Veronica’s notes: If you’d like a lighter pie, you could use 3 cups of whipped cream, or the entire carton of whipped topping, and use another cup or two for garnish. You will have too much pie filling, but I doubt you’ll complain about eating the extra. ;) Also, it’s important to use the best jam possible, as this is what gives the pie its strawberry flavor. If you buy cheap Walmart jam, it will taste like you bought a Great Value frozen pie, not made it yourself. I’ve actually tried this using Walmart strawberry jam, so I unfortunately speak from experience (it was bad).  Homemade is ideal, and Bonne Maman is the only brand I can put my own stamp of approval on if you go with store-bought.

Simple Strawberry Jam {No Pectin}

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Strawberries were $1.25/lb a couple weeks ago, so I got more than I usually would to make some jam.  Ever since I made raspberry jam and realized how good homemade is, I don’t tolerate store bought very well.  Bonne Maman is the only thing I’ve found that even comes close, and why pay $4 for a jar of delicious jam when you can make your own for less than $1 a jar?

So I made a simple jam, and it’s just amazing how boiling few ingredients can make something so delicious.  It is the concentrated flavor of perfect, sweetened & ripe strawberries, and pretty much makes everything you put it on taste like heaven.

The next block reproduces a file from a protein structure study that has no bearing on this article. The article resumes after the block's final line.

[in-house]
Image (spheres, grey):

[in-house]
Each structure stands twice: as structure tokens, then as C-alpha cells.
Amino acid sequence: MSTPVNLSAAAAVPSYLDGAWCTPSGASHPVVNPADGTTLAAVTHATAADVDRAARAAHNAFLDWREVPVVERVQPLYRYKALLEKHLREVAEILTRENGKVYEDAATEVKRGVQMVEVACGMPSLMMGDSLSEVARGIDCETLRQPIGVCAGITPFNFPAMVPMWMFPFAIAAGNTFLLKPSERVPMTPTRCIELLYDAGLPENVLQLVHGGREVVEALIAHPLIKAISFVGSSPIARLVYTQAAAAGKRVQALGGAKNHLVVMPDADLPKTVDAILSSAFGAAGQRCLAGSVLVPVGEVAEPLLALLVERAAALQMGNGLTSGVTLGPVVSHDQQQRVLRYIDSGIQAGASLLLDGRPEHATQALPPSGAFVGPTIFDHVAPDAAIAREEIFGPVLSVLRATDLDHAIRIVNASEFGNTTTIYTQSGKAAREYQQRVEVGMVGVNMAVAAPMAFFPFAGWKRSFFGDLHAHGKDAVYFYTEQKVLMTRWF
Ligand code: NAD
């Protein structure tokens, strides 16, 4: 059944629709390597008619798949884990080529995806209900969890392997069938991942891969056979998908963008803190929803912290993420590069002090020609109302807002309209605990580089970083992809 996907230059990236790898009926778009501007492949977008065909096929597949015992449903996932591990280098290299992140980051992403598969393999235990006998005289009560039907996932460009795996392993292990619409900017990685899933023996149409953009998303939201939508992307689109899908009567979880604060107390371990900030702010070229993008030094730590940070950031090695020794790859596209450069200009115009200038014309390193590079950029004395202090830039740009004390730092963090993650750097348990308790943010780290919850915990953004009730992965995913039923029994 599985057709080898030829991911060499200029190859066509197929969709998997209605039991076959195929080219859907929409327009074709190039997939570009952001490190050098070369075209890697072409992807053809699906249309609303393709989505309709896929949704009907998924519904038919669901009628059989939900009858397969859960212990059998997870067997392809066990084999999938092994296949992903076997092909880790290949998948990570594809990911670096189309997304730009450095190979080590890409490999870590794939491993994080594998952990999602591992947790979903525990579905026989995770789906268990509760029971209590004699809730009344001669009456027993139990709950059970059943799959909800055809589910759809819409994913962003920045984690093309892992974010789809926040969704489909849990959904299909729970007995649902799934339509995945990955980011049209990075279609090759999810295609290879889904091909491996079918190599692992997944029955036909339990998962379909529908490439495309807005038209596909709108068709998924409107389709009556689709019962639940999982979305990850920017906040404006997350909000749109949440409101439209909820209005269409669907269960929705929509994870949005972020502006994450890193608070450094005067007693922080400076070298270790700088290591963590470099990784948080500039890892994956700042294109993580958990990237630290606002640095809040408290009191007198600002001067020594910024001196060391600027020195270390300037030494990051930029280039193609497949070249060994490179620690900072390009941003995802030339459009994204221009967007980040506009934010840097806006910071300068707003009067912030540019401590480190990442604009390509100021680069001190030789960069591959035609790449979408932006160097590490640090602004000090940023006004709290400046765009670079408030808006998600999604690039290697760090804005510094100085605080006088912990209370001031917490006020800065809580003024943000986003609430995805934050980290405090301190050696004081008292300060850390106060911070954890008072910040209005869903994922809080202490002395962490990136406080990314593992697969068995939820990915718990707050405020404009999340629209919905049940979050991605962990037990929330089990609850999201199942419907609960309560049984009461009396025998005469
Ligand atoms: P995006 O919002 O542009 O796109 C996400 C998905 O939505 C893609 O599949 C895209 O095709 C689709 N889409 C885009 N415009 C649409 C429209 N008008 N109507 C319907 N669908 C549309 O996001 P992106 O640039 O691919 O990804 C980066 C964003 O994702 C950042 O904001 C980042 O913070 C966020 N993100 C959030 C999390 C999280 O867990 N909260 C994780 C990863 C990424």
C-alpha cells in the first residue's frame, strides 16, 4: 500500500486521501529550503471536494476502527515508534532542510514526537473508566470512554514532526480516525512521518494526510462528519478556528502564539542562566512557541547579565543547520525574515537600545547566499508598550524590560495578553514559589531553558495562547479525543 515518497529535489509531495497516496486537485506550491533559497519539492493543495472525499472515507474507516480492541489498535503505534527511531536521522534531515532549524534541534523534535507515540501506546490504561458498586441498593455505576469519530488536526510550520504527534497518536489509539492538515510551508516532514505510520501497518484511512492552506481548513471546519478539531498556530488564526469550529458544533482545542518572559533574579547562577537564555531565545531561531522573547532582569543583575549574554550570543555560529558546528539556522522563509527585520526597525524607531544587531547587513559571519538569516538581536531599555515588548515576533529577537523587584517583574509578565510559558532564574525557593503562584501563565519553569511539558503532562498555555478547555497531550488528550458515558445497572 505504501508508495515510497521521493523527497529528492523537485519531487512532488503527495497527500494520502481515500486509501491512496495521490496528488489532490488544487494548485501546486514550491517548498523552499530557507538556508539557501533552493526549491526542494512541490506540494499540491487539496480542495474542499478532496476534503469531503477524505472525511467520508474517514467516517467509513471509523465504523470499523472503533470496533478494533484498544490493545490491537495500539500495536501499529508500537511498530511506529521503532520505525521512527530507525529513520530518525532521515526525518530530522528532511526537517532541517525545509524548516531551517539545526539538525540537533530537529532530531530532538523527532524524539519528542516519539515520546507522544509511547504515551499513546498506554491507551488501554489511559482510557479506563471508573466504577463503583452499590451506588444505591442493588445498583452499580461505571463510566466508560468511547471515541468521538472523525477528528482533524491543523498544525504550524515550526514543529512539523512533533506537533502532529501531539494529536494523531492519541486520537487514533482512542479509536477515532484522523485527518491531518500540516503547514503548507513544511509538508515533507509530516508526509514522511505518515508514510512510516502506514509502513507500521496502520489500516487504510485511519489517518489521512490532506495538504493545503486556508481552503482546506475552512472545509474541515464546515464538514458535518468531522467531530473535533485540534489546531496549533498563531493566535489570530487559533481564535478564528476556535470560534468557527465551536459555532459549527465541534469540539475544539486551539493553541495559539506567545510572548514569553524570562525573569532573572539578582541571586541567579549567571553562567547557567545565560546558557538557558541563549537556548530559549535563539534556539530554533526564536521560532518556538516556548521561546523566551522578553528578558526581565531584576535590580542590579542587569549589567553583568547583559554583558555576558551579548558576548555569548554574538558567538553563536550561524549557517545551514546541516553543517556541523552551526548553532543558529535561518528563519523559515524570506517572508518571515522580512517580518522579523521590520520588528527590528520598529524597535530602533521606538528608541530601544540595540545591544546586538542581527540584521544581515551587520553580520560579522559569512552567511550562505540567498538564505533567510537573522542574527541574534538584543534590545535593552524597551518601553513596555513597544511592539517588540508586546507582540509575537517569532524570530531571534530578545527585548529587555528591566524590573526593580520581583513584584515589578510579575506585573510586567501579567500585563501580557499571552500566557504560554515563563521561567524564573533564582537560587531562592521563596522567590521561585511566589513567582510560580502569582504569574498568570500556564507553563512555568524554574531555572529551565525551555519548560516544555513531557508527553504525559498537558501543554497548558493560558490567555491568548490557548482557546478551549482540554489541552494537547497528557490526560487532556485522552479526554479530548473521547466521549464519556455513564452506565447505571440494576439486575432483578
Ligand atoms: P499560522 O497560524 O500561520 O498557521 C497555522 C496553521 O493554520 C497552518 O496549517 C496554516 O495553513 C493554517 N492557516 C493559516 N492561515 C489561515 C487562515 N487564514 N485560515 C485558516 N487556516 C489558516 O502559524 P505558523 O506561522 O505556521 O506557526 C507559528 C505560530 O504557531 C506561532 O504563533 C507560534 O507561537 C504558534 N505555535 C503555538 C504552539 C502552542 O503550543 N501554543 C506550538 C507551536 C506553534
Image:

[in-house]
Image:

The second best part is it’s so easy to make! The butter in it keeps it from foaming, so you don’t need to skim it, and you don’t have to boil the jars after filling them.  Perfect for a lazy (or first time) canner like me.

Simple Strawberry Jam

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2 lbs strawberries, stemmed & hulled
2 cups sugar
1/4 cup lemon juice
1 tablespoon butter

Combine all ingredients in a large saucepan and heat over medium-high heat while mashing with a potato masher. Mash it as smooth or chunky as you like, and continue to stir the mixture while boiling it. Boil until the jam reaches 220 degrees, or until it gels up when you put a spoonful on a frozen plate and stick it in the freezer for a minute. You’ll know it’s getting there when it turns from watery to starting to get thick and coating your spoon. Using a funnel (this is my favorite for canning), pour into sterilized jars, then screw on the lids and allow to sit until sealed. Jars may be stored in refrigerator for up to a month. For instructions on how to can the jam to keep it at room temperature for up to a year, click the recipe link below.